Those who criticize the process indeed don’t know the inner workings of the process because the process is kept completely secret. And the T.O. case proves that the time has arrived for transparency.

As Peter King of TheMMQB.com pointed out earlier this week, those who voted against Owens largely have slipped into hiding.

The fact that Owens didn’t make it from the final 15 to the final 10 suggests that the nays are more plentiful than necessary to transform him from one of the final five into a Hall of Famer. Don’t underestimate, however, the possibility that the voters collectively realized that enough of them would never get behind Owens on the final ballot (where it takes only 10 to put the kibosh on Canton) to make pushing Owens to the final 10 or the final five an exercise in futility.

It ultimately may be only 10 people who are anti-T.O. Maybe there aren’t that many; maybe the handful was loud enough and zealous enough that they managed to convince enough of their peers to think that pushing Owens through to the final five would set the stage for an ugly filibuster at best or a complete waste of time (and a spot that could have gone to someone else) at worst.

The only obvious “no” votes currently known (by me) are Vic Carucci of the Buffalo News (he wrote a column about it), Jason Cole of Bleacher Report (ditto), Hall of Fame quarterback Dan Fouts (he made his case against Owens in a radio interview), and Dan Pompei of Bleacher Report (his Twitter account makes his position clear). All of the “no” votes should be known, and those who have kept quiet while the process has been challenged generally and a small handful of their colleagues have been attacked specifically should speak up.

Even if all the “no” votes were known, we still won’t know everything that needs to be known. Those voters who have chosen to disclose their position on Owens refuse to disclose the identity of other Hall of Famers, players, and/or coaches who have privately said that Owens doesn’t belong. Setting aside the question of whether these non-voters should have so much sway over the process, the refusal to name them makes the process even harder to accept.

It’s one thing to gather facts anonymously. Gathering opinions anonymously allows for those anonymous opinions to be tainted by personal animus. Also, it makes objective assessment of the basis for the opinions impossible, allowing for all sorts of subjective factors to be twisted and warped — and for the voters to abdicate their responsibility to assess the candidate to the whispers of those who, given the benefit of secrecy, are far more likely to yield to the temptation of human factors.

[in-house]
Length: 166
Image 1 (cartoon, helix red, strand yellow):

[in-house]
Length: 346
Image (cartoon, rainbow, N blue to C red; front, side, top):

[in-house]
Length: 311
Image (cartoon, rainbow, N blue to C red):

The broader concern is this: When evaluating a player based on what he did on a 100-by-53-yard patch of grass or FieldTurf or green cement, it’s easy to assess the opinions of the voters and to develop opinions on the accuracy of the outcome of the votes. When things that happened from the sideline to the parking lot become relevant to the process, it becomes impossible to know what is being considered, why it’s being considered, which others have made it through despite similar concerns, and whether those standards will be applied to future candidates.

There can be no consistency without transparency, and with no transparency it’s impossible for those who view Owens as a knee-jerk Hall of Famer to understand his omission for a second straight year. The voters who oppose Owens can either sneer at those of us who think they got it wrong or they can heed the criticisms, lobby for meaningful change, and bring a different approach to the process in 2018.

If it’s the former, there will be more sneering at those of us who think they got it wrong, both as to Owens and as to others who seem to pass the Hall of Fame eyeball test but can’t get in.